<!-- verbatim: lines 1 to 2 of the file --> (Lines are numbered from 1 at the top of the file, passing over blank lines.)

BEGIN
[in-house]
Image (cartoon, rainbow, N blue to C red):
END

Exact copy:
[in-house]
Image (cartoon, rainbow, N blue to C red):